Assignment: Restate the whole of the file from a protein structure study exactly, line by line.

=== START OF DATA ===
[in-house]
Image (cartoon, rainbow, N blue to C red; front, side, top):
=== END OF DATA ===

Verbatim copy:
[in-house]
Image (cartoon, rainbow, N blue to C red; front, side, top):